Ender’s Game is a novel written by Orson Scott Card and published in 1985. Since then it has remained a cult favorite among sci-fi fans. After several years of attempts it is finally moving forward with a film adaptation directed by Gavin Hood and staring Asa Butterfield as Ender.
With the film on its way, I began reading the iconic novel. After only a few pages in, I was hooked. I finished it over the course of probably a few days. I can tell why it is so popular, however, I can see why it took so long to be made into a film. We just now have the technology to do the adaptation right.
Along with reading the novel, I was able to listen to the audiobook as well. This was really great because at times I was really into the novel but had to leave. Thankfully, I was able to pick up where I left off with the audiobook while driving without missing a beat in the story. It was a great companion to the paperback. If you are a busy reader, having the audiobook in your car will make things so much easier. I promise!
So, after finishing the story, I am SO excited to see the film. So, here are eight reasons I loved the novel and I can only hope they keep these things in the movie.
I love the tone of this novel. Despite the serious content, it is not all serious. There are several moments in the novel that are used to break up the tension. It can be very overwhelming to have a novel that is one serious scene after another. However, as the story progresses those moments are fewer and fewer because we head to the climax. Not to mention the switch in prospective from Ender to Gruff. The aid is showing the audience that what Ender is working toward is even more important that he realizes. It is very effective storytelling in my opinion.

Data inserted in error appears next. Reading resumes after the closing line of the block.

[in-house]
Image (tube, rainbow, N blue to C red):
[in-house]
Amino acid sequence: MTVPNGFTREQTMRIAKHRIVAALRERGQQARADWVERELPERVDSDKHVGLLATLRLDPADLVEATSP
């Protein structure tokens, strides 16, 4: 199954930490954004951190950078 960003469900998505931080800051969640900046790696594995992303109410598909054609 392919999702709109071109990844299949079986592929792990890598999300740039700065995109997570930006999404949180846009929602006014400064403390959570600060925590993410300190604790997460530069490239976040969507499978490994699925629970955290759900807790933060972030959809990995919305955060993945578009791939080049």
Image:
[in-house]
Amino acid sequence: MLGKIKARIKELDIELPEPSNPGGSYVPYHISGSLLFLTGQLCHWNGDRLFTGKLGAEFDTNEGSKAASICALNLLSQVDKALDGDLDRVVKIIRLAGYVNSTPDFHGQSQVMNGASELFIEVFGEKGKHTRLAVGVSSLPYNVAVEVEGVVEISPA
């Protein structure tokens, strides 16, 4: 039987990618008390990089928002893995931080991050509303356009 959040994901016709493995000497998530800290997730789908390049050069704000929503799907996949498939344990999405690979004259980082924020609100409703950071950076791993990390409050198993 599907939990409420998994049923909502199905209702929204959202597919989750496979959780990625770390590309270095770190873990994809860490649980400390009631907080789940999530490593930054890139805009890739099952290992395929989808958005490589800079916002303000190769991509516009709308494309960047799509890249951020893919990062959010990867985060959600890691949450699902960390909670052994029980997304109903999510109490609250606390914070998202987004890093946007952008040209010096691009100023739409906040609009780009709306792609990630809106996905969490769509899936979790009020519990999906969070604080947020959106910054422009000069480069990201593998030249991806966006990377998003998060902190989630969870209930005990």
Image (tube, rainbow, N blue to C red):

There are SO many surprises in this novel. I don’t just mean twists, I mean things that are surprising to the point that I literally set the novel down just to grasp what I had read. Despite all the surprises though, it didn’t ever feel like they were arbitrary or just thrown in there to create tension. It felt more honest and less sensational. Some of the surprise moments even caused me to flip back in the novel and re-examine something I had read. Not many novels surprise me, usually I can see something coming, but there were moments I didn’t see. A fantastic read, definitely.
I loved this main character. At the beginning I was very skeptical of the characterization. At the young age of Ender, I had a problem believing he could talk and act the way he did. However, the longer I read this book, the more I liked him. The more the audience grows to know him. I think it aids a lot to the story to not see what Graff sees till later. But after watching him grow and learn, the audience begins to see what Graff always saw within Ender. I ended up really feeling for him as a character by the end, so far as to feel bad for him and the life he was forced to live and the things he was forced to do.
This novel jumps into the story pretty quickly. I absolutely hate it when too much exposition is part of a novel. Thankfully, Ender’s Game spends minimal building before throwing Ender and the audience into Battle School and the plot. I think this is wise especially as this novel is used to hook children into reading. To much exposition makes it hard for picky readers to get into the story. But in a matter of pages, we are immersed in the new world of Ender and Battle School.